MINYON FALLS & THE NIGHTCAP RANGE ROAD SCENIC DRIVE
Minyon Scenic Drive
(Also known as the Whian Whian Scenic Drive)
This scenic drive is about 35 km north of Lismore and 7.3km north of Rosebank. It is a loop drive and can be accessed from Repentance Ck Rd (4.5km north of Rosebank) or from Dunoon Road (west of Rosebank.)
Nightcap National Park entrance
Minyon scenic drive
Mist in the Whian whian SCA
The scenic drive has a good 2WD dry weather road, which winds its way through Nightcap National Park & Whian Whian State Conservation Area. It is a good gravel road however after rain can be potholed, providing problems for low-clearance vehicles and inexperienced drivers. The scenic drive is suitable for camper trailers if you take it easy. The full trip through the forest is 9km and takes only half an hour. To enjoy the drive and cover all points of interest, including the magnificent Minyon Falls, visitors should allow at least two hours but a day or two to explore would be far more enjoyable, especially if you intend to bushwalk.
This scenic drive exemplifies the beauty of this forest, which, with its high rainfall and rich soils, has a great diversity of plants and wildlife. The forest provides a habitat for some of Australia’s more interesting birds and animals, including the prince albert’s lyre-bird, wompoo pigeon, greater glider, green catbird, bushturkey, several species of rainforest pigeons, stephen’s banded snake, land mullets, pademelons and koalas.
The scenic drive lies on the southern flank of the old Tweed volcano and descends through luxuriant eucalypt and rainforest stands. The Nightcap Range has a continuous stretch of sub tropical rainforest which was heavily logged from the 1840s. The Whian Whian became a timber-producing forest, with sawlog supplies being provided for industry and house-building. As the rainforest was logged it was replaced with Eucalypt Plantations. It was known to have the fastest growing rates of eucalypts in NSW and was the most highly productive native eucalypt plantation in the State. During its State Forest days, it was an important timber reserve until recent years when it became a State Conservation Area. Flooded gum and blackbutt plantations established in the 1930–50s can be still seen on route. Keep an eye out for koalas in the flooded gum plantations.
Access from Rosebank: To reach the scenic drive head north along Rosebank Road which becomes Repentance Creek Road. Turn left off Repentance Ck Rd, just after Repentance Creek Public Hall, into Minyon Rd. Follow the tarred road (1.7km) till you reach Minyon Falls Road and turn left here. Just 100m up the road you will find the delightful cafe called the Wrens Rest. You just have to stop and try their delicious Pecan Pie with cream. From the verandah you can glimpse Quandong Falls in the distant Minyon Hills that’s if you don't get sidetracked watching the koalas and king parrots playing in the nearby gums.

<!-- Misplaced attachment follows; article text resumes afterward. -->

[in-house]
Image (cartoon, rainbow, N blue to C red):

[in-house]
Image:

Continue another 1km to the entry of the Nightcap NP. The scenic drive starts from here.
Minyon Falls from the viewing
platform at Minyon Grass
Minyon Grass fascilities
To reach Minyon Grass turn left at the first intersection, 200m inside the park boundary when you reach the information signage.
Minyon Grass provides the perfect place to view Minyon Falls from a timber viewing platform. Day use facilities include covered picnic tables, gas bbqs and wheelchair friendly toilets. Large scribbly gums surround this grassed picnic area and these are home to many different nocturnal glider species.
Minyon Grass is the beginning of the Minyon Falls Base Walk — Refer to the Bushwalks section of this website for the details.
From Minyon Grass return to the scenic drive and head north along the Ridgeback. Here the drive follows a narrow ridge which falls sharply away on both sides of the road. The majestic amphitheatre of the Minyon Valley lies on the left while the picturesque Coopers Creek Valley is on the right. Coopers Creek is the most reliable stream in the region with its headwaters on the southern slopes of Mt Jerusalem at the eastern end of the Nightcap Range. It has carved out the magnificent 5km long Wanganui Gorge with its sheer 100m heigh ryholite cliffs. Glimpses of Minyon Falls can be seen on the left through the mixed koala gums which line the ridge. Minyon Falls flows into Repentance Creek which has an annual average discharge of 72,946 mega litres from a 62sq km catchment within the Nightcap Range.
The Ridgeback was originally cut by hand by the Rosebank Footy Team in the early 1900s????. This was done as a weekly training exercise.
Minyon Grass to Minyon Falls is only 1.1km and an easy walk.